While I was out, the Union-Tribune ran an interesting story about teachers being moved from one school to another weeks into the school year, when school enrollment turns out to be lower than expected.

Parents get riled up about shifting teachers because kids have to be moved around, too. Former school board candidate Steve Rosen told the U-T that losing a teacher at his kids’ school was a tipping point to get him involved. But how common is this shifty behavior in the school district, anyway?

Not very common, it turns out. When I asked earlier this month, just 16 teachers were being reassigned from one school to another after school began, according to the San Diego Unified human resources department. That’s a small fraction of more than 6,000 teachers in the school district.

So shifting teachers is still rare. But is it getting worse?

School district officials said they had no way to compare whether they were more or less frequent than in the past, since reassignments aren’t closely tracked. Still, the article hinted that budget problems have made it harder to keep teachers if enrollment drops:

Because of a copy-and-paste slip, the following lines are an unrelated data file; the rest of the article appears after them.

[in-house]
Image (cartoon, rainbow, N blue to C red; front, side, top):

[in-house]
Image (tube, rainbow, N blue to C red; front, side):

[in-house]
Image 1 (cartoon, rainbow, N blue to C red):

Until the district’s budget can accommodate the hiring of more teachers — which will likely not be soon since the district faces potential teacher layoffs next spring — shifting instructors from campus to campus is set to continue.

Please contact Emily Alpert directly at emily.alpert@voiceofsandiego.org or 619.550.5665 and follow her on Twitter: twitter.com/emilyschoolsyou.

Emily Alpert

Emily Alpert was formerly the education reporter for Voice of San Diego.

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